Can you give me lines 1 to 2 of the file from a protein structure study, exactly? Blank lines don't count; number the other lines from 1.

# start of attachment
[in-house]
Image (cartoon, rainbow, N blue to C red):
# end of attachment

[in-house]
Image (cartoon, rainbow, N blue to C red):